Canadian HR Reporter

February 2020 CAN

Canadian HR Reporter is the national journal of human resource management. It features the latest workplace news, HR best practices, employment law commentary and tools and tips for employers to get the most out of their workforce.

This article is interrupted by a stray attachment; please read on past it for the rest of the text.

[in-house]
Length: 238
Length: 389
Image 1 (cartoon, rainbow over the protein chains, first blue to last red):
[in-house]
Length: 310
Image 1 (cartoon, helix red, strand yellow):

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N E W S 10 www.hrreporter.com Gender inequality: Is it a personality issue? Are women missing out on promotions because they're worriers and tend to overanalyze? One former HR professional thinks so, but experts say the glass ceiling is about much more than personality differences, finds John Dujay gets the nod, according to a Toronto employment lawyer. "Women do have a tendency to what I call deselect themselves. What that means is there's a promotion coming up and you'll see a lot of men go for it, but then you'll see a lot of women who will say, 'Well, I don't know if I'm good enough, I don't know if I have the right experience. I'm just going to wait 'til I'm ready,'" says Kathryn Marshall, an asso- ciate at MacDonald & Associates. "There's that hesitation that a lot of women have that is definitely socialized from an early age. You also see it with things like salary negotiation, there definitely is a social pressure for women to just be more appeasing and wait 'til the opportunities are put on their lap," she says. "Employers always tell me [they' ll] post for an internal job and 95 per cent of the resumés are from men." But the configuration of the workplace in Canada also plays a big role, accord- ing to a gender-equality expert. "Women make up the majority of part- time workers, and a high amount of minimum-wage earners are women as well. Women have more precarious jobs in Canada and women also have a gen- der pay gap that they're dealing with. WOMEN who are not being promoted are still banging into the glass ceiling — but it's partly their fault, according to a former HR professional. In her book Fresh Insights to End the Glass Ceiling, Nancy Parsons, pres- ident of CDR Assessment Group in Stafford, Tex., an assessment and lead- ership development consultancy, talks about the differences between male and female leaders. "We were researching risk-factor differences — which are the person- ality-based risks under conflict, stress and pressure — and then we happened on statistically significant differences between men and women leaders. We found that women tend to be high wor- riers," she says. On the other hand, men tended to be more aggressive which serves them well in the corporate world. "We found that men are egotists, up-stagers and rule breakers; they're more aggressive, while women tend to pull back and over-study, overanalyze," says Parsons. In the business context, women's ten- dency to over-think means they are bypassed for higher-level positions, she says. "They have a fear of failure. When the pressure is on, they analyze it inside of their head and they try to make sure ever ything's 100-per-cent perfect. Rather than standing up and saying, 'No, I disagree with that,' they freeze and fear and what happens is they're not viewed as 'leader-like'; they're not viewed as courageous under fire or stress." On the other hand, when it come to men in the corporate world, they don't shut down, says Parsons. "They could keep communicating, even when things are difficult. They keep pushing their point of view, even under stress, where the women who are just sheer worriers shut down and stop communicating because they're overan- alyzing; they have a fear of failure, and they lose the visibility." Variety of reasons for glass ceiling When promotions are available, wom- en's attitudes can play a role in who There's always a gender pay gap — it's about 87 cents on the dollar. We have to just look a little deeper than personality factors as the explanation for something like a ceiling and look at the barriers," says Andrea Gunraj, vice-president of public engagement at the Canadian Women's Foundation in Toronto. "When I hear the term 'glass ceiling,' I think that's another word for systemic barriers." The glass ceiling remains in place for a variety of reasons, not just person- ality differences, according to Brian Rubineau, associate professor and Desautels Faculty scholar at McGill University in Montreal. "It's not just one mechanism, it's not just one process — there are a broad range of processes at multiple levels that all contribute toward an outcome that goes in the same direction." In his own research, Rubineau has found that, at the lower levels of an WOMEN AT THE TOP Four women were among Canada's richest 100 CEOs in 2018, up from three in 2017. Women make up 23.2 per cent of the top one-per-cent earners and 16.5 per cent of the top 0.1-per-cent earners. Women held 18.2% of the total board seats among companies providing disclosure for 2019. "You see it with things like salary negotiation, there is a social pressure for women to be more appeasing and wait 'til opportunities are put in their lap." Kathryn Marshall, associate at MacDonald & Associates Source: Canadian Centre for Policy Alternatives, Osler, Statistics Canada

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